I was the buyer for this watch and, as I've said before, I absolutely love it to bits. It's probably the one I would keep if I had to get rid of my collection. Why? Because of its rarity, because it was never catalogued, because it came from Rene, because it is the last US produced Hamilton, because it is a good size, because it has its original band and because it has Hamilton's (USA's???) best ever movement. Oh yeah - and because it looks fantastic on the wrist.Here is what René said about it on his site when he was offering one for sale:
"...HAMILTON "COIN WATCH". This is one of the most unusual aswell as one of the most historic of Hamilton watches. It was produced in 1969 just after all production of movements was shut down at Hamilton's Lancaster, PA factory in January 1969. Hamilton used the last remaining stocks of the superlative grade 770 movement with 22 jewels to complete this very interesting and rare watch. It was never cataloged and very few were made. It was produced in both rolled gold-plate, as this example, and in 14K solid gold. According to Paul Frankenfeld, a production manager at Hamilton at the time, only 50-75 were made in RGP, and 10-15 in 14K gold. However, based on my own experience, I believe these figures are too low. I think there were probably 150-250 in rolled gold-plate and 50-100 in gold, based on surviving examples. That still puts this watch among the very rarest of all Hamiltons ever made. The style is obviously copied after the Corum gold coin watches that were popular at the time. The dial is embossed to resemble a gold coin, and the edge of the case is reeded like a coin. It is very much a watch of its time -- a bit garish but certainly an eye-grabber! As a collectable it is one of the most sought-after of all Hamiltons because of its extreme rarity. This example is extra nice, with excellent rolled gold-plate case with no wear, and perfect original dial..." (quoted from rondeau.net).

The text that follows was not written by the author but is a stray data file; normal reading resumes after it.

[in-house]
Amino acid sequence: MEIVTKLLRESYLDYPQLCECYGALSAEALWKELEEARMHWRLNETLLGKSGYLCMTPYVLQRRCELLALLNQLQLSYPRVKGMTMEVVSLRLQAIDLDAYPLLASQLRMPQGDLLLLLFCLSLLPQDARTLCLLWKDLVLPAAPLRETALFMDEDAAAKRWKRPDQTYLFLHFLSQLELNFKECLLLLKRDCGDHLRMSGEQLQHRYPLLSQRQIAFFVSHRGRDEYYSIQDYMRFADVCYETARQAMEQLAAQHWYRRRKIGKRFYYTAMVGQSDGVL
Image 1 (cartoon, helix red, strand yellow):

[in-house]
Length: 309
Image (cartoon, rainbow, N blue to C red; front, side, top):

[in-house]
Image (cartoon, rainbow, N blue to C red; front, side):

I like it.
Mine are the same as yours Dave - but I think that it came with these and the dauphin type shown in the auction.What are the correct hands for this watch? I've seen a few with the wide blade style hands in black (as in the auction above). My example has these small, thin pointer style hands. I think the ones on mine are more appropriate for the busy design on the dial but which hands came with it from the factory?
What he said!I was the buyer for this watch and, as I've said before, I absolutely love it to bits. It's probably the one I would keep if I had to get rid of my collection. Why? Because of its rarity, because it was never catalogued, because it came from Rene, because it is the last US produced Hamilton, because it is a good size, because it has its original band and because it has Hamilton's (USA's???) best ever movement. Oh yeah - and because it looks fantastic on the wrist.
Well, my RGP Coin watch has the dauphin hands, and they appear to be original. The earlier stated idea that Hamilton was using up unused stock may be a good guess.I'm putting out the hypothesis that the RGP version of the Coin had the "stick" hands and the solid gold version had the dauphin hands.
If anyone has any evidence to the contrary please let me know.
An absolute screaming bargain and congratulations to the purchaser.For what it's worth (no pun intended)...one sold on eBay this past January. It was running and allegedly in very good condition.
The winning bid was $224.50